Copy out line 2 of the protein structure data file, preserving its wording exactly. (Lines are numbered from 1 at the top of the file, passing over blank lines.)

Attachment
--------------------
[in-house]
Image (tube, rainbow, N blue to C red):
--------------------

Image (tube, rainbow, N blue to C red):